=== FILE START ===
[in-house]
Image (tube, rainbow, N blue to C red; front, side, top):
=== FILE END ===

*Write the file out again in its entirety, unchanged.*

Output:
[in-house]
Image (tube, rainbow, N blue to C red; front, side, top):